This viewer did not tune in to watch Dodgers starter Chad Billingsley retire 20 of 21 Nationals yesterday afternoon. He also did not tune in to watch the Nationals in their 3-1 loss to the Dodgers.
It was hearing the voice of Vin Scully that convinced him to watch the game.
With the Nationals playing in Los Angeles over the weekend, Scully was doing the Dodgers game for Prime Ticket, which was the feed for MLB.TV and MLB Extra Innings.
It was beautiful to hear him do the game. He was great as always. His play-by-play was enough to forget the ineptitude by the Nationals on this day.
Scully did a great job illustrating Billingsley’s performance. He talked about how the pitcher was able to get the Nationals out by mentioning his groundouts, which he kept track of. Who needs a color analyst?
The venerable Dodgers play-by-play announcer worked without a color analyst for a long time now. It’s a credit to him that he can mix in some analysis along with play-by-play. That’s hard to do.
Scully does all the talking, but it’s amazing how he can make a point by being concise rather than rambling on. He has the right words in getting his point across.
The best part of his work is he doesn’t have a catchphrase for his signature calls. That’s a relief for folks who may not be interested in that type of stuff. Too many times, announcers tend to come up with a goofy catchphrase to entice a viewer.
Maybe the younger generation embraces the catchphrases, but it doesn’t make an announcer special by doing that. It should earn ridicule. An announcer needs to call a good game and describe the action well. Screaming about a play or being clever about a player does not make an announcer good.
Too many announcers today do that, and it drives this baseball viewer nuts. Thankfully, Scully never learned to do that when he studied broadcasting at Fordham.
Scully’s best work stems from him coming up with anecdotes during a telecast. He likes to tell stories about other players from other teams, which would interest other fans during a game. Here are some of the stories he shared in yesterday’s telecast:
- Jason Marquis likes to collect watches as a hobby
- Mike Morse likes to ask Jayson Werth questions about hitting
- Davey Johnson was a professor in scuba diving.
- Todd Coffey fights through a diet by coming up with recipes in making chicken.
For some, that is meaningless. Most fans like to hear about the score and watch the game rather than hear an announcer talk about random stuff. That’s fine, but when Scully mention those stories, it is his way of connecting players to the fans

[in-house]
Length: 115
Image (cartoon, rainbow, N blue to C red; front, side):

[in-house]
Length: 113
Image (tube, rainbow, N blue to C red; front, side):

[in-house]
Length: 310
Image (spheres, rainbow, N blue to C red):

This is an example of the hard work Scully puts into his job. He goes to the other team’s locker room and interview the players, so he can mention those stories in the telecast.
It’s unheard of by most announcers, who are lazy nowadays. They spend more time talking about the team they work for rather than talking about the other team. It’s a pet peeve, and that’s not how a game should be televised.
Sadly, announcers like Scully are going on the wayside. The days of Harry Caray, Bob Murphy, Harry Kalas, Jack Buck, Dave Niehaus and Mel Allen are long gone, and they are replaced by either bland announcers or over-the-top announcers.
There are more Hawk Harrelson and John Sterling wannabes on the air, and it gets annoying to hear both overdo their home run calls by screaming.
Scully gets it right by describing what a key hit is like with few simple words.
There has been grassroots campaign about the Dodgers announcer doing the World Series on FOX. There’s a good chance he could retire if his heart is not into the job next year. He is going by year-to-year.
It would be nice if he did the World Series. He would be an upgrade over Joe Buck for one thing. Second of all, it would be a great way to finish an impressive career.
Buck talked about how he is willing to step aside for Scully. It would be something Fox should do. If nothing else, it would increase the network’s sorry World Series ratings, so that should be a motivation for the network and baseball.
There will never be a guy like Scully. It’s hard to do, and most announcers are trained to announce differently.
Here’s hoping Dodgers fans appreciate him while they still have him. They shouldn’t take him for granted, especially when announcers at his age tend to lose it altogether. That shows Scully is still at the top of his game for him to continue to be sharp.
Now’s the time to cherish him.